April 7, 2000
A rare planetary conjunction, a more rare Aurora (a red one), film in the camera, a good tripod and a kid to share it with. A tale of my lucky Astronomical night.
Text and Photos
The Night of April 6, 2000
How often do we see several planets and the Moon together? Not very. So I head out with my 35mm camera, tripod and five year old son to an athletic field of a local middle school in Northern Virginia. I have designs on a good photo of the April 6, 2000 meeting of the planets and some memories with the kid. The sun is setting and so are the planets. After some fumbling I get a few shots, but it was still too bright. The sky seemed cloudless, but the sunset was amazing. Then I look northeast and see more red through all the light pollution of Washington, D.C. I snapped this 15 second photo.
I remember a news flash earlier that day from SpaceWeather that one of NASA's spacecraft detected a sudden increase in particle density and speed of the solar wind. They said the effects would be passing Earth in about one hour and to keep your heads up for possible Aurora. I quickly realized I was seeing my first Aurora. What started out as a father son photographic safari for rare planet conjunctions turned into a spectacular night of memories.
I look southwest. Aha, I see some red light near Orion. I swing the camera around.
Yes that's an airplane on the right. They are everywhere around Washington, D.C. Click on the image to see a blowup. If you look hard at the blowup you will see myterious rings in the middle of the image. Here is a closer view.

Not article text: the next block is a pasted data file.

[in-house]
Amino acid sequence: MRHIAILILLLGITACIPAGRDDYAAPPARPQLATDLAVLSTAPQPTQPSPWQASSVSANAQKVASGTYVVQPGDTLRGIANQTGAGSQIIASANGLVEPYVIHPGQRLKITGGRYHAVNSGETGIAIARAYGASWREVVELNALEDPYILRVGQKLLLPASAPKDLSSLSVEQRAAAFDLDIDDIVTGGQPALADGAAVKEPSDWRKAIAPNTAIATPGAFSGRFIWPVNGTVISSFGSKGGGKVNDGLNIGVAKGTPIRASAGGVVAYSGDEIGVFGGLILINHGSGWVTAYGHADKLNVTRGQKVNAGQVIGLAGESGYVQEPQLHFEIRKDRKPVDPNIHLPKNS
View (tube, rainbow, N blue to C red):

It seems our friendly Aurora is monochromatic and is revealing some kind of optical fact of my camera optics. Neat you say? Well check this out. Minutes later I noticed the red light near orion turned green and snapped this ten second or so image.
Yes, there is another airplane. Our rings are still there and are shown in this crude enhanced image.
How about one of you MaxImDL folks work on the large file to enhance these rings.
If you look real hard you will see the green rings are spaced tighter than the red. This makes sense as green would have the smaller wavelength and seems just as monochromatic as the red light.
A bit of research reveals that most Aurora are green and result from Oxygen ionization while red comes from the ionization of Nitrogen. It is said the red Auroras are rare and only result when significant solar storms reach Earth. This storm must have been a whopper because half the sky (the northern half) was mostly red with several isolated bands of color visible south as shown in the above Orion shots.
My son says he saw purple. I think I did too, but am not sure what gas creates this.
Oh yeah the Planet-Moon conjunction - Here it is with our Aurora to the north:
and the corresponding XEphem chart rotated a bit counter clockwise:
The Earthshine on the Moon was very visible with the eye.
So let's see here... we have:
Moon, Planets, Aurora - April 6, 2000
Sounds like a home run to me.
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